Christian Values

Christian Wenande´s Danish/American background caters well to a city brimming with cultural diversity and strife. The CPH Post journalist loves life in Copenhagen but yearns for the indomitable mountains, rolling prairie and starry nights of his Wyoming sanctuary.

It´s that time of year again. That time when crowds amass to witness Vikings on the rampage. Tigers mauling Wolves. Lions devouring Horses.  Is it a day out at the Roman Colosseum, or the Copenhagen Zoo perhaps? No, I´m talking about football.

Last weekend, the second half of the Superliga season kicked off after three months of non-footballing agony with the promise that this could be the most exciting finish to a Danish football season in years. Top that off with the exciting Euro 2016 draw and there´s no denying that the ball is once again on the roll in Denmark.

But wait! I sense dissention in the ranks. Well, actually that´s misleading. Ranks would imply that you were actually part of it in the first place. It´s more like dissent among the ostracised. The foreigners. The expats. Apparently, someone forgot to tell the lords of football that someone other than Danes might enjoy taking their kids to a Sunday match with all the hotdogs and beer that accompanies the experience.

Out of the 12 Superliga teams, just half offer information in English on their websites, while the national football association, DBU, continues to disregard the fact that football is a global sport and that the country is striving to become an international hub in the region. The DBU website offers exactly zero information in English.

The national team has been battling dwindling spectator numbers in recent years and there were just 14,284 fans in Parken when Olsen´s boys lost 0-4 to Armenia – the lowest crowd number for a World Cup qualifier in 33 years.

When I looked into the possibility of them reaching out to the international community, a DBU source informed me that a study had showed that it was not financially viable for the association to have the website in English. I was also told that statistics indicated that not many non-Danish people used the website. Well, no shit. Why would people use a website in a language that they can´t understand?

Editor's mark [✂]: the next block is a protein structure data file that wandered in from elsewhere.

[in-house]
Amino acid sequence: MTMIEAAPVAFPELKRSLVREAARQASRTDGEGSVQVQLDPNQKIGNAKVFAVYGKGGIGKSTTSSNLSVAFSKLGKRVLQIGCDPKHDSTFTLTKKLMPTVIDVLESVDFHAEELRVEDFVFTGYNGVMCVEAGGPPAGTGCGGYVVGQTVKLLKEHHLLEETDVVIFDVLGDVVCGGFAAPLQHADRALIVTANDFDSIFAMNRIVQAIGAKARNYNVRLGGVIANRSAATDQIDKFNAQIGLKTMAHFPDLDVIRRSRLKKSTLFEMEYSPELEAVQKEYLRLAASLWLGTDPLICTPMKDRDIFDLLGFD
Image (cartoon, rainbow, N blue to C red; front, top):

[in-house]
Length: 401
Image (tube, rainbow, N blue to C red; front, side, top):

A quick search on the respective websites of Denmark´s upcoming qualification opponents revealed that every nation´s football federation website had an English version except for Albania. In fact, a slightly more diligent search showed that the vast majority of the national federations with teams trying to qualify to Euro 2016 offered an English version of their website. Among the more unlikely candidates who had English information on their sites were Latvia, Georgia, Belarus, Azerbaijan and Kazakhstan. Kazakhstan for Christ´s sake!

A recent report by the think-tank Copenhagen Economics showed that Copenhagen was rated particularly poor at being able to welcome foreigners and integrate them into society, which leads to many of them  leaving after a short period of time. I may be overreaching a bit here, but sport and entertainment is part of the same package. The poet Lord Byron once uttered: “When falls the Colosseum, Rome shall fall.” A bit dramatic I know, but that´s what sporting events are these days. Modern spectacles of public appeasement.

The international community won´t necessarily need details about everything, but general information, game info, ticket prices and promotions would help involve the international community. And who knows, DBU might just get some lifetime Denmark fans out of the bargain. After all, football fans can be fickle beasts these days and could be quick to adopt the red and whites. If they only knew more about them.